2. The European Union must finally move away from the 19th-century defence policy of small states. This is not about the much-vaunted vision of an EU army, but about practical issues. If not now, when will the heads of state and government realise that 27 separate defence authorities make no sense? That we – all small European states – have to organise research, development, construction, purchase, training and maintenance together?

Many billions are wasted unnecessarily every year because every European state buys its few aircraft separately, along with expensive maintenance and spare parts packages. And that we’re absurdly allowing ourselves small-scale European armour or aircraft rivalries when the big picture is at stake? If not now, when will the European Defence Agency be expanded accordingly? And if we are structurally incapable of fulfilling the EU’s promise of one million artillery shells, then we need a special envoy with powers of intervention, an arms czar, as they would say in the US. The situation is serious!

3. The economic power of the West is more than 20 times greater than that of Russia. Russia has long since switched to a war economy. In the West, on the other hand, many have not yet grasped the dimensions of the “Zeitenwende” and want to carry on with business as usual. But the whole of Europe is under existential threat, not just Ukraine, and perhaps for decades to come. Only recently, Putin has again explicitly put the Baltic states in his crosshairs. He must learn to understand that we can and will outpace him in arms production if necessary, and that he cannot and will not win this war.

By the way, how was the Second World War won? Yes, also in Stalingrad or Hiroshima. But the decisive factor for the Allied victory was that, from 1943 onwards, the USA produced more armaments than all the other belligerents on both sides put together. Can we draw any conclusions from this?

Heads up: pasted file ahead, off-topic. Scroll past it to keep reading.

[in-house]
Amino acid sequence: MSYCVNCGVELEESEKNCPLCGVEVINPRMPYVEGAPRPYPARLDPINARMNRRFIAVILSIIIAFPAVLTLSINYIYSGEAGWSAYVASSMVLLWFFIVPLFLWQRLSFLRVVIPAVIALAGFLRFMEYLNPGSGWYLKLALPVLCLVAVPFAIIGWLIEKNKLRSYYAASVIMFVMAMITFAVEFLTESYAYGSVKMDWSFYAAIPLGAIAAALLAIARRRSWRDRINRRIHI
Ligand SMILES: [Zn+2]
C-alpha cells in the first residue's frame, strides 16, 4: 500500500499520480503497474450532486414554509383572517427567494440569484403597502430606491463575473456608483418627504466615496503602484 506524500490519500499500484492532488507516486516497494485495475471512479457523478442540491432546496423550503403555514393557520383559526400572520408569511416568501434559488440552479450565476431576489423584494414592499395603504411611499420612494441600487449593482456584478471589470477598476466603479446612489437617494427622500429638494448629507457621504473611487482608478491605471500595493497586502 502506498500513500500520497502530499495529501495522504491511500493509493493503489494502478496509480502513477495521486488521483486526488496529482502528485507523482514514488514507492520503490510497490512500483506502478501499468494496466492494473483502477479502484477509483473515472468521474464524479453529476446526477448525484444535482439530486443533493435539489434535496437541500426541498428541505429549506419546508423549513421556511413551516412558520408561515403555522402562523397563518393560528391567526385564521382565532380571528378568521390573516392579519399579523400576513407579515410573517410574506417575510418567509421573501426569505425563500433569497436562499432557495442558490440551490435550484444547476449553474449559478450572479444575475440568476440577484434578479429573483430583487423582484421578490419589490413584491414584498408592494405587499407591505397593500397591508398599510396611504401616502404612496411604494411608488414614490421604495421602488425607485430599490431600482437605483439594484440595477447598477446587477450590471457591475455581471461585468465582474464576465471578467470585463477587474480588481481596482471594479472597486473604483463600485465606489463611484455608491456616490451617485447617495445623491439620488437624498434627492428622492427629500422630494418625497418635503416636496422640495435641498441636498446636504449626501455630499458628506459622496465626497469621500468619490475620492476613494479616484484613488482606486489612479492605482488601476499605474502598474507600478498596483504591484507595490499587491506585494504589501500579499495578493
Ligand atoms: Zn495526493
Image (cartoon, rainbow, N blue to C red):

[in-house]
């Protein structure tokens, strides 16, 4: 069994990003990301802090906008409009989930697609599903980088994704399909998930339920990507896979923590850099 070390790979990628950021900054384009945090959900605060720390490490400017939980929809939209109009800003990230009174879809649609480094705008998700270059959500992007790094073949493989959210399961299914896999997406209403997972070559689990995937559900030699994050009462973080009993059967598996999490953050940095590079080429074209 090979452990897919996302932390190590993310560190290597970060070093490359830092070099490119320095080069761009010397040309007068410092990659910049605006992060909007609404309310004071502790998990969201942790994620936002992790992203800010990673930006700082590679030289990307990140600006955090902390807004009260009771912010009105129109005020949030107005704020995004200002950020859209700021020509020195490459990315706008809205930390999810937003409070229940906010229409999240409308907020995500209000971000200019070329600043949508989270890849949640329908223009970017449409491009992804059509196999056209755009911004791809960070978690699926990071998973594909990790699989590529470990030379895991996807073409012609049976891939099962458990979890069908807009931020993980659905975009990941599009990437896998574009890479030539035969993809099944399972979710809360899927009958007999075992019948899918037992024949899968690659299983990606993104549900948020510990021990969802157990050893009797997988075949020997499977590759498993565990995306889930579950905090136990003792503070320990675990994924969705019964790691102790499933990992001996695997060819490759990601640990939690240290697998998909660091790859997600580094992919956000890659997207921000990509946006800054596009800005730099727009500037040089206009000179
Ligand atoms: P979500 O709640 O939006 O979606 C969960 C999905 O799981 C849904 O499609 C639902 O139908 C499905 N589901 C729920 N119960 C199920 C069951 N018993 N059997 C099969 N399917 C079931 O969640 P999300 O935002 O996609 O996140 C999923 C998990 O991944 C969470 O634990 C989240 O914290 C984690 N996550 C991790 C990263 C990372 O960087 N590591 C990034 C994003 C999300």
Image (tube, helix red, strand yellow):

4. The situation is so serious that we need to think strategically, not just tactically. Confidential European talks with Paris, perhaps also with London, on how to strengthen our continent’s nuclear deterrent are long overdue – not against the US, of course, but in close coordination with it.

Dreams of an EU nuclear capability are permissible, but absurdly unrealistic, as every expert knows. Credible deterrence does not work by committee, but requires the decision-making monopoly of one person. Just as absurd are the rumours of a German nuclear armament, when Germany is doubly bound by international law to remain permanently non-nuclear.

5. And if a Europe capable of acting in defence and foreign policy cannot be achieved today with all 27 EU states, then Berlin should join Paris, Warsaw, Italy, the Benelux countries and others in remembering the core European ideas, such as those developed by Wolfgang Schäuble decades ago.

The last major European policy initiative from Germany was 34 years ago – that was the euro. Might now be a good, even overdue, time to take the initiative again? To provide the impetus for a Europe that not only integrates but also protects us all?

Ukraine must not and will not lose, but will continue to assert itself successfully: It belongs to Europe and must be allowed to be a free country. And Europe must prove its will to prevail, Donald Trump or no Donald Trump.

Prof Dr Wolfgang Ischinger is a former chairman of the Munich Security Conference, former German ambassador to London and Washington, and a member of the advisory board of the M100 Sanssouci Colloquium.